Maximizing Student Agency: Implementing and Measuring Student-Centered Learning Practices
Student agency, or the ability to manage one’s learning, can have significant effects on academic achievement as students take an active role in seeking and internalizing new knowledge. Encouraging student agency is important because:
- Students who believe that knowledge can grow over time perform better on IQ tests than students who believe intelligence is invariable.
- Students with a growth mindset are more likely to set academic goals focused on mastering content, rather than setting goals focused on achieving a particular test score or course grade.
- Students who set mastery-oriented goals tend to process information in a deeper and more organized fashion than those who set performance-oriented goals.
- The skills and behaviors associated with student agency are positively related to college and career outcomes because students are able to direct their own learning and transfer the knowledge they learned in the classroom to new settings.
The purpose of this study was to identify the instructional practices that may be useful for the development of different aspects of student agency (i.e., self-efficacy, self-regulated learning, and persistence) and determine whether these instructional practices are equally helpful for different subgroups of students.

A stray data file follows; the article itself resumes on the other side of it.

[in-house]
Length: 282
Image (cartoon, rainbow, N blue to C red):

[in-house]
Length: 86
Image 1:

Final Report and Key Findings
Final Report (PDF) │Technical Appendix (PDF)
- Created from discussions during teacher focus groups, the Menu of Teacher Practices identified 17 instructional practices that teachers use to develop agency at the four study schools. These practices fall into three general categories: student opportunities, student-teacher collaboration, and teacher-led approaches.
- Teachers identified supportive schoolwide processes, teacher collaboration, and professional development as the primary facilitators of implementation of instructional practices that promote agency.
- Some survey measures of student agency did not perform equally well for different groups of students. In particular, survey measures did not perform equally well across academic subjects, across students with different socioeconomic backgrounds, or for male and female students.
- In general, survey measures of student agency did not change during the school year.
View the recording of Maximizing Student Agency: Implementation of Student-Centered Learning Approaches, which reflects on the study's key findings, their implications, and the role of networked improvement communities.